Tuesday, November 3, 2009

Repeating Rawls Poorly Isn't Provocative

Will at LOG links to this piece of crap and says the author raises "some provocative questions."

Basic gist of the provocative argument is as follows:
Regardless of whether we receive our intelligence and work ethic via either Nature or Nurture, we still receive them from our parents, whom we didn't choose or earn. Therefore, nobody deserves to earn a lot of money because it all flows from that initial luck.

You know, in short, John Rawls.

The author then goes on to write:
there are still two implications of realizing that everything — even your initial endowments — is a matter of chance, not something you deserve.

The first is that you shouldn’t look down on other people (1) because their parents weren’t as rich as yours, or (2) because they aren’t as smart as you, or even (3) because they don’t work as hard as you. I think most people agree with (1); I think you should agree with (2) and (3), too.

The second is that the moral argument should be on the side of redistribution. I am willing to listen to utilitarian arguments against redistribution (e.g., high marginal tax rates reduce the incentive to work, blah blah blah blah blah); I may not agree with them, but they are a plausible position. However, I have little patience for the idea that rich people deserve what they have because they worked for it. It’s just a question of how far back you are willing to acknowledge that chance enters the equation. If you are willing to acknowledge that chance determines who you are to begin with, then it becomes obvious (to me at least) that public policy cannot simply seek to level the playing field, because that will just endorse a system that produces good outcomes for the lucky (the smart and hard-working) and bad outcomes for the unlucky. Instead, fairness dictates that policy should attempt to improve outcomes for the unlucky, even if that requires hurting outcomes for the lucky. But given that society is controlled by the lucky, I’m not holding my breath.


There are several glaring problems with this logic. First, it commits a genetic fallacy. Second, if you think about it, the author's logic rejects free will.

Follow me:
  • We have no control over to whom we are born.
  • Parents make decisions and provide resources that shape our environment and we have no control over it.
  • When we do achieve some modicum of control over our actions, we are so completely and entirely hostage to the experiences and genetics that our parents imposed upon us that free will is an illusion.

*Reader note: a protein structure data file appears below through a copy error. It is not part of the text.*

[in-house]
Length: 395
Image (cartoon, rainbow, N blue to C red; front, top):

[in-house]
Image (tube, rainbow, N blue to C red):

• Therefore, we cannot be responsible for our actions. It's all the vicissitudes of Fortune.

Third, and this addresses a different point, even if our initial endowments are granted and not earned, this doesn't follow: "The second is that the moral argument should be on the side of redistribution."

Let's imagine that a house has been in the family for generations. Does the government have a moral obligation to sell that house when the previous generation dies and distribute the proceeds because I didn't personally pay for it or build it -- in short, earn it? My sense is that many people would object. In fact, most people object to the idea of an estate tax. Perhaps, as many progressives say, it is simply a function of conservative rhetoric involving a death tax, but I don't think so. Similarly to the house analogy, if a child is endowed by their parents through either nature or nurture with certain traits that doesn't mean that redistributing the results is somehow without moral implications. That requires other unstated premises and assumptions that the author seems unaware of.

Nothing upsets me more than repeating Rawls poorly.

3 comments:

Robbo said...

Well while we're at it, I think the guv'mint should arm hundreds of agents with hacksaws to go after the lower legs of all those bastards who grew to be over six feet tall, since I never quite made it. It's so unfair!

Andrew Stevens said...

Hear, hear, FLG. In terms of not accepting free will, he's hardly alone. I am constantly whipsawed between people who think we're helpless prisoners of our genes and people who think we're helpless prisoners of our environment.

This is another example where people tend to favor a long, complex argument over an obvious truth. When I choose to go to work in the morning, it is obvious to me that I could have chosen otherwise and stayed home instead. I'm supposed to ignore this obvious truth in favor of some convoluted argument for determinism which, upon close inspection, isn't even very good?

On the other hand, I do tend to agree with him that intelligence, like sports ability or good looks, seems largely determined by birth or very early environment, so I tend to side with him re: not looking down on people who aren't as smart as you are. (In fact, I tend to look down on smart people who have refused to use their intelligence to acquire wisdom much more than I do on people who are unwise, but also not very clever.)

FLG said...

Andrew:

I'm with you and the author on the intelligence point. I was just in a hurry when writing the post and decided to skip the point.

 
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